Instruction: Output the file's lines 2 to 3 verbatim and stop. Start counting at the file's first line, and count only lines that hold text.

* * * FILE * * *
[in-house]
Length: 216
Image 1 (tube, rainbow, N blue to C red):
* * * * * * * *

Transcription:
Length: 216
Image 1 (tube, rainbow, N blue to C red):